Suncadia Resort review with kids

Suncadia Resort, located right off I-90 in the Wenatchee National Forest southeast of Snoqualamie, WA, is your quintessential four-season, multi-activity contemporary resort.


We stopped by for two nights during a long summer road trip through Washington State, and compared it to Bend Oregon’s Sunriver Resort or Redmond Oregon’s Eagle Crest.  Suncadia boosts the same offerings, including golf, an upscale spa, dining, and on-site amenities like pool complexes, tennis courts, exercise facilities, and bike trails and walking paths, all on the site of a historic coal mining operation.


We enjoy including resorts like Suncadia during multi-week road trips to get a little R&R: it’s nice to have a jetted jacuzzi tub, comfy beds, and fun pools for a day or so. If we lived in the Seattle metro area, or Yakima or even Spokane, we’d consider coming back for a weekend getaway. How did we spend our two days here in mid-June? There’s a whole calendar of activities for kids during the peak summer months, most of which involve an extra fee, but a few that come with the cost of your stay. Here’s what we tried:

Swimming and relaxation:

The pool complex at Suncadia includes a large free-form outdoor pool and kiddie splash/wading pool, a large indoor pool, plus indoor and outdoor hot tubs, a sauna, a steam room, and a full exercise area. The outdoor area includes plenty of lounge space, and we spent the majority of our time here. Our room (a one-bedroom condo) was located in the Lodge at Suncadia, which meant we also got access to the smaller outdoor pool and hot tub right outside the lodge building.


Both mornings of our stay, I enjoyed the chance to work out in the exercise room, followed by a session in the sauna. By the time I emerged, the kids had found their way to the pool. There are exercise classes on offer daily, too, for an extra cost. A ‘resort fee’ is added to your room rate for use of the pool complex, so you might as well enjoy it!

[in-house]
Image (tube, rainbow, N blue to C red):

Note: indoor and outdoor pools have different hours, as well as the pool slides. Check hours of operation for the time of your visit before promising anything to kids!

Tennis and bike rentals:

The tennis courts are located at Dawson Park Recreation Cabin, in one of the Suncadia vacation home neighborhoods inside the resort, and can be reserved (though we found them locked in mid-June). Also on-site are soccer goals to shoot on, basketball courts, ping-pong tables, and other recreation-based games, plus a nice playground.


The bike rentals are located at the Village Pavilion, by the small pond across from the pool complex. Here, you can rent bikes and electric scooters (16 and up) and watercraft like stand-up paddle boards and pedal boats (though don’t bother with older kids…the pond is small and uninspired). We opted for mountain bikes, to try out the miles of dirt trails through the wooded areas surrounding Suncadia. Once we found these trails, we really enjoyed them, but for about 45 minutes, we had our noses in the map, trying to figure it out. No one on staff seemed to know how to direct us, which was somewhat frustrating. However, we finally found the trailhead for a network of single track and dirt roads perfect for mountain biking, and had a good time riding near the river. To save you time, head down Swiftwater Trail (road) to the end, where you’ll find the trailhead. You can ride along paved bike paths to this point from the lodge or the bike rental area.